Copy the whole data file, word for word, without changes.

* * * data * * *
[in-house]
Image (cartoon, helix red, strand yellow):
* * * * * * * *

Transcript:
[in-house]
Image (cartoon, helix red, strand yellow):